OK, formalities aside, let's eat

...and a bit more, please.

semi-overcast 19 °C

The first two entries of this blog amuse me. They are like rolled turkey on crackers, pretending to be caviar hors d'oeuvres. Let me tell you something about me. Since I was a fourteen-year old school reject, I've been fascinated with the French language. Not even necessarily the French culture, not because it isn't fascinating, just because I didn't know or care to learn anything about it. All I cared about was the alluring lull of the language. I grasped it well, and studied it until college. As I learned more, I realized I needed to go to France... no, I wanted to go to France. But I didn't. I worked and went to school and talked about how much I wanted that trip. Fourteen years old when I started, fourteen years of French studies later, inconsistent ones, but fourteen years, I'm embarking on my first trip out, into the world, my first excursion beyond the three or four Americas, and I'm finally going to.... China.

Life's this way. Step right up. It's funny how we may heat the skillet, take out the butter, grease the hot cast iron and instead of pouring pancake batter, we end up flicking a blender switch and make smoothies. Sometimes we even let the butter burn a little, because in the process of making up our minds we forget to turn the range off. But that's how some parts of life work.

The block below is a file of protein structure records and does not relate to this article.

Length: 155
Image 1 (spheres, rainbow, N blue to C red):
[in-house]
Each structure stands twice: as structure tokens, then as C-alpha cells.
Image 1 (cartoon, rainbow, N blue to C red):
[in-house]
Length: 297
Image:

Instead of going to a country I may not know well, but in which I may be able to tell, quite clearly actually, if I'm being asked wether I want the ham soup or some liquid detergent, I'm going to a country where discerning between meal choices is the same as understanding wether I'm being asked, told, demanded, or being brushed off for being laowai. Not that it bothers me in the least. I'm so excited about going to China, I could run around the block naked with a mad grin on my face. Nor am I scared; I will navigate my surroundings with amusement and grace (I presume.) But those fourteen years of French in my head will serve me only for one thing: French tourists in South China. This weighs so heavily in my mind, I've actually fantasized about running into a francophone tour group and subversively tagging along, perhaps making casual banter with a white-shorts-and-caqui-sock wearing Pierre. In the four months I've had the ticket to China, I've learned such a small amount of Mandarin words and tones, I'll be surprised if I don't get slapped the first time I'll ask a waitress for tofu and the "ma?" at the end of my request sounds more like an insult than a question.